In the basement of a Bowery Street bar in lower Manhattan a musician was working the crowd like a younger (and geekier) version of Keith Richards. Slung waist high was not a guitar, but a PC keyboard connected, somehow, to a Nintendo Game Boy so that every time he punched the keys – “Bloop! Bloop! Bloop!” — sounds straight out of a video game bounced off the walls. The crowd was digging the scene. This was down and dirty indie music at its finest.
The event was a celebration of 8-bit music sponsored by Micromusic.net, a European-based web site that champions “Low Tech Music For High Tech People.” It was a night not easily forgotten. Blocky, pixilated video game visuals straight from the 1970s lit up the cavernous basement as one musician after another walked up to a cable strewn platform to conjure strange sounds from a messy collection of old game hardware.
This 8-bit music — or “chiptunes” as the sound is also known — may be the one video game related subculture you’ve never heard about. Built around the “bleeps” and “bloops” of video gaming’s Paleozoic era, the music has gained a following over the years among assorted hackers, gamers and musicians. It’s particularly large in Europe, where Micromusic.net sponsored music festivals have attracted upwards of 5,000 attendees. And in the United States, “the scene” also appears to be growing thanks to a number of factors including the diversity of its music, the hacker sensibility underlining the scene and nostalgia for old fashioned video gaming.
And besides, it’s fun.
FASHIONABLE AND POLITICAL nostalgia
A search for “8-bit music” on the web will turn up a number of web sites festooned with ASCII art or 1970s-era pixilated graphics and copy that reads like it’s straight out the liner notes of a Kraftwerk album. So fashionably retro.
“I don’t think it’s about nostalgia, but technology,” said 8-bit music promoter Ihu Anyanuwu. “Right now there’s too much fetishization of new technology. This music is all about simplicity.”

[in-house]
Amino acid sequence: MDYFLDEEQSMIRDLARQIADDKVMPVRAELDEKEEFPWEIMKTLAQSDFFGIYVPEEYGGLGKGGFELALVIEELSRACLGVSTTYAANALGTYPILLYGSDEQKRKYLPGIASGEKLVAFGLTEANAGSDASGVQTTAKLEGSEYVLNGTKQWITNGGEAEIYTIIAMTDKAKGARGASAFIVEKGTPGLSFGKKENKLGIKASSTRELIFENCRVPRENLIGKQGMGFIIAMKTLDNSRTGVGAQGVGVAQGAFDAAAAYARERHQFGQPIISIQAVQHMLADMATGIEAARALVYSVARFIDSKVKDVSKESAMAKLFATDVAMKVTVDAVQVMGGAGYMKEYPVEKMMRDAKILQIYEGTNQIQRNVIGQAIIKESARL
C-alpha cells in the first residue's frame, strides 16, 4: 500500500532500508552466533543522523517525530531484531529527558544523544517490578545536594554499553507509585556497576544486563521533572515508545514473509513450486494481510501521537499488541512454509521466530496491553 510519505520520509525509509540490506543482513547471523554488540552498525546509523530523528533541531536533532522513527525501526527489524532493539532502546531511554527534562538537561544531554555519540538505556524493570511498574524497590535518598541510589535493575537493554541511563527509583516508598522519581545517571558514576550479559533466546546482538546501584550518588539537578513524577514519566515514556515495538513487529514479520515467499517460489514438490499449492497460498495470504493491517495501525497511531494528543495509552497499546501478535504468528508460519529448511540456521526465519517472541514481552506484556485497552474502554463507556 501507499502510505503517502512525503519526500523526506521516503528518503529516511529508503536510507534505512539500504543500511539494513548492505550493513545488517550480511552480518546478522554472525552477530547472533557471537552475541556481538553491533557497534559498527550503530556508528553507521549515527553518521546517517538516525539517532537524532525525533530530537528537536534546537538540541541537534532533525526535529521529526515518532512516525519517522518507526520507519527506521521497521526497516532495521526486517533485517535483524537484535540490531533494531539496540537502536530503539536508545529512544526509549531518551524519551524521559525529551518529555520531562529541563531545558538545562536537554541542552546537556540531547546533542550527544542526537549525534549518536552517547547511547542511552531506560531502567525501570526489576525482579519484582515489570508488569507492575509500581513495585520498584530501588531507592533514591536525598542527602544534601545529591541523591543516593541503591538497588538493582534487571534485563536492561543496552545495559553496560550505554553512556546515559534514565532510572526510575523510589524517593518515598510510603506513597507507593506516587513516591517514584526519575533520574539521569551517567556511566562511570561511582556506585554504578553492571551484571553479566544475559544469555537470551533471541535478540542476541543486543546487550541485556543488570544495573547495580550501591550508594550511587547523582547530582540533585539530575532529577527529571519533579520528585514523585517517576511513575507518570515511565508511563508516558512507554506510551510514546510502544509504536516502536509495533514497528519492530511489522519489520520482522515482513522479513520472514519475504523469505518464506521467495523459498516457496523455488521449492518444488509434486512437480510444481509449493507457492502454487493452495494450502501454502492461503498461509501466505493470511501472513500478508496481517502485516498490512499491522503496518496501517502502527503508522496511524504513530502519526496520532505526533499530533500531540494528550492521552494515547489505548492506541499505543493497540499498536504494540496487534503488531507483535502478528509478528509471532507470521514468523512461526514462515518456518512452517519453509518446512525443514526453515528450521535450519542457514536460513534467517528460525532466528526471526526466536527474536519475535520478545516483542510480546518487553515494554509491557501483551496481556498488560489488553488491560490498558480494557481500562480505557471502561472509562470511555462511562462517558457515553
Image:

Back in the day (i.e. the 1970s and 1980s) consoles like the Nintendo NES could dedicate only so much hardware and programming to sound effects and music. The resulting sounds were big and blocky and often about as musical as a dentist humming to the sound of his drill. But they were memorable and — to an 8-bit music enthusiast at least — extremely pure.
Over the years musicians have since created software that allows them to tap into the sound capabilities of these old game platforms — as well as the newer Nintendo Game Boy. Some have mixed the resulting 8-bit sound through modern software to create music ranging from techno to experimental. Others have left the “bleeps” and “bloops” unadulterated creating a sound that is simultaneously nostalgic and futuristic.
“I hope people see that there is some degree of musical sophistication,” said Josh Davis, a Game Boy musician. “There is a novelty factor, yes. But we are making deliberate aesthetic choices.”
GETTING MORE WITH LESS
So who are these people?
Co-founder of “8bitpeoples,” a collective of artists influenced by the sights and sounds of classic video games, Jeremiah Johnson — aka Nullsleep — composes music on the Nintendo Game Boy and the 17-year-old Nintendo NES. His recent works include Game Boy remakes of songs by the 1980s synth band Depeche Mode. Note for note the compositions follow the original tunes, but with a distinct Game Boy sound. The end result are works that are electronic, yet suprisingly warm.
“I grew up mostly as a Nintendo and Atari kid, and the sound of the NES holds something special for me,” said Johnson. “It’s not nostalgia so much as it is the act of using something I’ve known so well in a certain context and rediscovering it in a whole new way that is truly exciting.”